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Jim Atwood, plumber, and Mike Hauser, electrician, at work in a patient room on EP 4-8. Plant Engineering in September launched an initiative to renovate all of the more than 200 patient rooms in the East Pavilion.


Anyone who has ever undertaken a home renovation project knows how complicated things can get.

Imagine doing the work in the middle of a busy hospital nursing unit, where you have to be extra careful with tools and materials, ensure dust and fumes don't escape the work area and minimize noise and disruption.

On Sept. 12, Plant Engineering launched an initiative to renovate all of the more than 200 patient rooms in the East Pavilion – completing three rooms at a time in three days.

"It's like renovating your kitchen and doing the entire thing in three days," said William Mahoney, executive director, Plant Engineering.

"While you're cooking," added Lewis Stanio, manager of distribution systems. Built in the early 1950s, the East Pavilion has undergone minor renovations over the years, but was due for a facelift, Mahoney said. While the work does not involve major renovations such as removing and rebuilding walls, the  extensive list of improvements includes:

  • Painting window trim and panels on the outside of the building
  • Replacing plumbing fixtures, heating and air-conditioning vents, window sills and shades, wardrobe closets, privacy curtains and over-bed and bedside tables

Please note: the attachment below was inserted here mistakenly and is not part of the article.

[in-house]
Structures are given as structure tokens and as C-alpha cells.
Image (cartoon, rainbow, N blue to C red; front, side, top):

• Repainting rooms, washing and waxing floors
  • Installing guards around rooms to prevent wall damage
  • Changing medical gas hardware so each bed has two oxygen outlets
  • Installing energy-efficient LED lights
  • Modifying bathrooms to accommodate bariatric patients

Some changes, such as installing new doors with quieter door handles, seem minor, but can make a difference to patients whose care providers visit their rooms throughout the night. Cleaning and re-glazing tiled walls and floors in bathrooms improves appearance and makes bathrooms easier to clean and keep clean.

Since some of the rooms have multiple beds, the project – expected to take over a year – will affect 304 patient beds. Michael Kiwanis, construction coordinator, Plant Engineering, is coordinating the project with Bed Management staff, who are working out bed assignments and discharges to make rooms available for renovations. Patient service managers have adjusted staff schedules to accommodate the project.

Despite this and other challenges associated with renovations, staff are enthusiastic about the project, he said.

"Our goal is to create a better environment for patients, but this also improves staff satisfaction."